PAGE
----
8, 2001 are therefore not considered part of his treatment which commenced on
August 27, 2000.
Further, claimant’s amendment of the claim as of right, pursuant to the
Uniform Rules for the Court of Claims (22 NYCRR) § 206.7 (b), does not
render the allegations concerning claimant’s treatment from January 9,
2001 through June 2002 timely. It is well settled that allegations in an
amended pleading which appear untimely on their face may indeed be timely
asserted, if they relate back to the allegations contained in the original
pleading (see e.g. Marsala v State of New York,
41 AD2d 878 ;
Rodriguez v State of New York,
Ct Cl, June 26, 2007, Collins, J., Claim
No. 113166, Motion No. M-73019 [UID # 2007-015-203]; cf. Marpe v
246 AD2d 723 ). However, in order to relate back to the
original allegations, the additional allegations must be part of the same
transaction or occurrence or series of transactions or occurrences of which the
original pleading gave notice (see e.g. Marsala v State of New York,
; Rodriguez v State of New York,
treatment after January 8, 2001 is separate and distinct from the treatment he
received prior to that date, the additional allegations in the Amended Claim do
not relate back to those contained in the Original Claim. Therefore, in order
for a cause of action based upon the additional allegations to be timely, a
claim must have been filed and served or a notice of intention must have been
served within 90 days after its accrual (Court of Claims Act § 10 ). As
noted previously in this Decision and Order, the Amended Claim was filed on
October 28, 2002, and served on November 29, 2002, both of which are clearly
more than 90 days after the last alleged instance of malpractice or
Accordingly, the Amended Claim is
untimely with respect to treatment occurring after January 8, 2001, and any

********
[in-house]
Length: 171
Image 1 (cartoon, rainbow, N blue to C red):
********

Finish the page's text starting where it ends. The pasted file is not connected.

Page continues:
cause of action based upon these allegations is also dismissed.
The Court will now address claimant’s motion for summary judgment.
Claimant argues that because defendant has failed to deny the allegations of
negligent care, there is no valid defense to his negligence cause of action.
Claimant asserts that because of the allegedly negligent medical treatment he
received while in custody, he was forced to suffer the amputation of several
fingers and toes, as well as endure gangrenous infections at these amputation
Conversely, defendant claims that claimant’s uncertified medical records
are inadmissible, and thus do not provide evidentiary support for this summary
judgment motion. Defendant also argues that claimant’s failure to set
forth an expert affidavit to establish a deviation from the accepted standard of
care is fatal to this motion.
In a cause of action for medical malpractice, the claimant, as moving party,
must establish the applicable standard of care to which professionals must
adhere in the relevant community, that the defendant deviated from that standard
of care, and that such deviation caused the claimant’s injury (see
Toomey v Adirondack Surgical Assoc., 280 AD2d 754 ; see generally
Hoffman v Pelletier, 6 AD3d 889 ; Schuller v Martinelli, 304
AD2d 967 , lv denied 100 NY2d 509 ; Giambona v Stein,
265 AD2d 775, 776 ). If the movant fails to meet his or her initial
burden, however, the motion must be denied, regardless of the sufficiency of the
opposing papers (see Alvarez v Prospect Hosp., 68 NY2d 320, 324;
Winegrad v New York Univ. Med. Ctr., 64 NY2d 851, 853 ; Ives v
Allard Chiropractic Off., 274 AD2d 910, 911 ).
In support of this motion, claimant has provided his affidavit, and copies of a
portion of his ambulatory health record, as well as a consultation report and a
hospitalization discharge summary. However, as defendant correctly notes, none
of the medical records are certified. The uncertified and unsworn medical
records – which are hearsay – are clearly inadmissible, and thus not
properly considered on claimant’s motion (Joseph E.G. v East
Irondequoit Cent. School Dist., 273 AD2d 835, 836 ; Green v State
of New York, Ct Cl, Sept. 26, 2005, Lebous, J., Claim No. 109512, Motion No.
M-70591 [UID # 2005-019-572]). Further, claimant has failed to submit expert
opinion evidence to establish the relevant standard of care, defendant’s
alleged deviation therefrom, and that such deviation caused or contributed to
his injuries. The lack of expert evidence in this case is also fatal to
claimant’s motion (see Hoffman v Pelletier, supra; Schuller v
Martinelli, supra). Accordingly, claimant’s motion for summary
judgment is denied.
In conclusion, defendant’s cross motion is granted to the extent that any
causes of action set forth in the Amended Claim which are based upon the
allegations concerning claimant’s medical treatment at Elmira from August
10, 2000 through August 26, 2000, and at Oneida from January 9, 2001 through
June 2002, as well as the cause of action alleging a violation of 42 USC §
1983, are hereby dismissed. Claimant’s motion for summary judgment is
denied in its entirety.